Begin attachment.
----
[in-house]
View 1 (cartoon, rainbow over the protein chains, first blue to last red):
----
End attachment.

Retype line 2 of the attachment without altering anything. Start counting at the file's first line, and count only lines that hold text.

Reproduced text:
View 1 (cartoon, rainbow over the protein chains, first blue to last red):